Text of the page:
Emmanuel Johnson

Emmanuel Johnson
University of Southern California | USC · Department of Computer Science

BS in Computer Engineering, MSc in Robotics

About

17
Publications
25,522
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115
Citations
Introduction
I'm interested in building automated agents that can be used to teach negotiation. In accomplishing this goal, my work looks at developing techniques for automated agents to understand a human's negotiation strategy and provide personalized feedback based on their performance.

Publications

Publications (17)
Conference Paper
Machine learning (ML) can in theory be used to personalize educational content by identifying online activities aligned with learners' interests. Yet, are learners' self-reported ratings of activities associated with a machine learning generated recommender score? In the current study we sought to address this question using learner's ratings of ac...
Article
Artificial intelligence (AI), machine learning (ML), affective computing, and big‐data techniques are improving the ways that humans negotiate and learn to negotiate. These technologies, long deployed in industry and academic research, are now being adopted for educational use. We describe several systems that help human negotiators evaluate and le...
Article
Full-text available
Negotiation is an integral part of our daily lives regardless of occupation. Although ubiquitous to our experience, we are never taught to negotiate. This lack of training presents many consequences from unfair salary negotiation to geopolitical ramification. The ability to resolve conflicts and negotiate is becoming more critical due to the rise o...
Conference Paper
Full-text available
Recent research shows that how we respond to other social actors depends on what sort of mind we ascribe to them. In this article we examine how perceptions of a virtual agent's mind shape behavior in human-agent negotiations. We varied descriptions and communicative behavior of virtual agents on two dimensions according to the mind perception theo...
Conference Paper
Research has shown that virtual agents can be effective tools for teaching negotiation. Virtual agents provide an opportuni-ty for students to practice their negotiation skills which leads to better outcomes. However, these negotiation training agents often lack the ability to understand the errors students make when negotiating, thus limiting thei...
Chapter
Intelligent tutoring systems have proven very effective at teaching hard skills such as math and science, but less research has examined how to teach “soft” skills such as negotiation. In this paper, we introduce an effective approach to teaching negotiation tactics. Prior work showed that students can improve through practice with intelligent nego...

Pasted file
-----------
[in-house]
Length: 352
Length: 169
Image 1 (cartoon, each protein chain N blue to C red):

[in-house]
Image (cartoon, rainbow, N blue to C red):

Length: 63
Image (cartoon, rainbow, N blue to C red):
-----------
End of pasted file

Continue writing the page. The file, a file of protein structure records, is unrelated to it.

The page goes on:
Conference Paper
This work explores whether culture impacts the extent to which social dialogue can mitigate (or exacerbate) the loss of trust caused when agents make conversational errors. Our study uses an agent designed to persuade users to agree with its rankings on two tasks. Participants from the U.S. and Japan completed our study. We perform two manipulation...
Chapter
Full-text available
Research has found that individuals can improve their negotiation abilities by practicing with virtual agents [1, 2]. For these pedagogical agents to become more “intelligent,” the system should be able to give feedback on negotiation performance [3, 4]. In this study, we examined the impact of providing such individualized feedback. Participants f...
Conference Paper
Full-text available
In this paper, we explore the potential of regulatory focus theory as a framework for personalizing human-machine interactions. We manipulate framing (gain or loss) of a collaborative word-guessing game where a fully-automated virtual human gives clues. Consistent with previous work on regulatory focus, we find evidence of significantly higher perc...
Conference Paper
Full-text available
This work explores the extent to which social dialogue can mitigate (or exacerbate) the loss of trust caused when robots make conversational errors. Our study uses a NAO robot programmed to persuade users to agree with its rankings on two tasks. We perform two manipulations: (1) The timing of conversational errors - the robot exhibited errors eithe...
Conference Paper
Social robots establish rapport with human users. This work explores the extent to which rapport-building can benefit (or harm) conversations with robots, and under what circumstances this occurs. For example, previous work has shown that agents that make conversational errors are less capable of influencing people than agents that do not make erro...
Conference Paper
Full-text available
Although negotiation is an integral part of daily life, most people are unskilled negotiators. To improve one's skill set, a range of costly options including self-study guides, courses, and training programs are offered by various companies and educational institutions. For those who can't afford costly training options, virtual role playing agent...
Conference Paper
Full-text available
We demonstrate two agents, a robot and a virtual human, which can be used for studying factors that impact social influence. The agents engage in dialogue scenarios that build familiarity, share information, and attempt to influence a human participant. The scenarios are variants of the classical “survival task,” where members of a team rank the im...

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Projects (2)